It may not occur to you that exercise could ever be an unhealthy thing. After all, isn’t exercise part of having a healthy lifestyle?
The truth is — when taken to the extreme, compulsive exercise can be detrimental to your mental and physical health. Since May is Mental Health Awareness Month, we’d like to take a moment to reflect on this year’s theme — “Risky Business” – which promotes taking a closer look at daily activities and behaviors to ensure that your health is not at risk.
To many people, movement and food consumption are just a part of everyday life. But to an estimated 30 million people in the United States, these activities may stem from an eating disorder. An eating disorder can drive someone to exercise with the intention of “burning off” food or calories consumed, to do strenuous exercise many days in a row without rest, and/or to make exercise a way of punishing their body rather than celebrating it.
Nealie Tebb, MS, RD, LDN, a Registered Dietitian at Veritas, offers some advice about physical activities that serve self-care:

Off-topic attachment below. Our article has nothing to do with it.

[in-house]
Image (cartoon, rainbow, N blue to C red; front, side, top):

“The opposite of eating-disorder-driven physical activity is playfulness – think recess, not boot camp. Make exercise fun by being active outside, with a friend, or taking your dog for a walk, for example.”
Since there are so many different ways to exercise and move your body, how do you know if exercise is becoming a risk to your health?
It is important to take #ACloserLook and reflect on your motivations.
- Do you always do the same form of exercise, even if it becomes uninteresting to you?
- Do you feel more compelled to exercise right after eating?
- Do you feel that you need to “make-up” for exercise time that you miss?
- Do you feel guilty if you take days to rest?
- Do you still feel the need to do strenuous exercise even if you are sick, injured, or tired?
If you answer “Yes” to any of the above questions, it may be helpful to speak with a doctor or dietitian to understand why these behaviors could put your health at risk. Though it may be challenging to come to terms with harmful tendencies within the grips of an eating disorder, it is worth it to rekindle a peaceful and compassionate relationship with exercise and with your body.
“Participate in physical activity for health, not weight change. Focus on feeling genuinely healthy and strong, rather than on maintaining control and burning calories. It’s not so much what you do, as how you do it. It’s about enjoyment, rather than just about doing the “right” type of physical activity.”
– Nealie Tebb, MS, RD, LDN